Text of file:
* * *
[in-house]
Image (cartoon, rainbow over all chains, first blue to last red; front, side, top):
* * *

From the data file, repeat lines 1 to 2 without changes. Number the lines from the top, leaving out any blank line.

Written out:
[in-house]
Image (cartoon, rainbow over all chains, first blue to last red; front, side, top):